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The Laird o' Windywa's

  • (Trad)

    For I'm the laird o' Windywa's
    And I've come here withoot a cause
    But I've got mair that thirty fa's
    Comin' oot owre the plains
    O let me in this ae nicht
    This ae ae ae nicht
    O let me in this ae nicht
    And I'll never seek back again

    O I'll oil the door or it be's weet
    And it'll neither chirrup or cheep
    For it'll neither chirrup or cheep
    And I'll get slippin' in
    O let me in this ae nicht,
    This ae ae ae nicht
    O let me in this ae nicht,
    And I'll never seek back again

    But when he got in he was sae gled
    He drewhis bonnet from off of his head
    He kissed her on the cheeks so red
    And the auld wife heard the din
    O but well she likit that ae nicht
    That ae ae ae nicht
    O weel she likit that ae nicht
    She let her laddie in

    But when he got in he was sae gled
    He knockit the bottom-boards oot o' the bed
    He stole the lassie's maidenhead
    And the auld wife heard the din
    O but well she likit that ae nicht
    That ae ae ae nicht
    O weel she likit that ae nicht
    That she let her laddie in

    (as sung by Jeannie Robertson)

Susannes Folksong-Notizen

  • [1976:] Just one of the many fine songs that gained currency among revival performers through the singing of the late Jeannie Robertson of Aberdeen. It is actually part of a longer song which is in David Herd's 'Ancient and Modern Scots Songs' (1769, 1776). (Arthur Argo, notes Archie Fisher, 'Will Ye Gang, Love')

  • [1984:] Throughout Northern Europe, and in many parts of the U.S.A., there are songs associated with the old courting custom known as "night visiting" (or "bundling"). The lover 'must away' through storms and snowdrifts to his beloved; he calls to her through her bedroom window, and is admitted to sleep with her till dawn. The Laird o' Windywa's which is an old song (a version is in Herd's collection of 1769), looks almost like a conscious parody or burlesque take-off of these plaintive songs. (Hamish Henderson, notes Jeannie Robertson, 'Up the De and Doon the Don')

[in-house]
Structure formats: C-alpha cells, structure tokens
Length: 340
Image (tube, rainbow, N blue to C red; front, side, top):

• [1984:] There is […] a close resemblance in the words, though less in the tune, to As I cam' ower the Muir o' Ord in the 'Bothy Ballads' disc (Scottish Tradition series). The Muir o' Ord version has one appearance of the "O she likit that ae nicht" theme, as in the second chorus, but the ending is changed to "For O she rued that ae nicht". In the bothy version the use of the first person singular continues to the end, and the final effect is one of male boastfulness at success achieved against a woman's will. A whiff of this remains in the otherwise more equalitarian version given above. In the 'Bothy Ballads' booklet Hamish Henderson suggests that the song belongs to a group which "tend towards broad comedy (or even, as in Jeannie's version, towards what looks like conscious burlesque)". If this is true then it appears to be an exclusively male comedy; certainly Cilla Fisher does not see her version as burlesque.

    Morag MacLeod comments [...] "Most of the bawdy songs in Scots probably originated in the bothy, and in such an exclusively male environment it would be natural for men to compensate for the lack of female company by talking and joking about women, boasting about their own sexual prowess and composing songs which were not meant for female ears." (Munro, Revival 172f)

  • [1988:] This song is a straightforward tale of carnal lust. All sorts of side issues such as the class of the participants and the moral consequences of the deed are hinted at but subsidiary to the very graphic description - extremely uncommon in this type of song. Great! The song comes from Aberdeenshire in the north-east of Scotland where a wealth of good songs are to be found. (BBS125)

Quelle: Scotland

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